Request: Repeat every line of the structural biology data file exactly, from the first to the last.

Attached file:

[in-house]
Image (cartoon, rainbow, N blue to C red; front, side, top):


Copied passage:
[in-house]
Image (cartoon, rainbow, N blue to C red; front, side, top):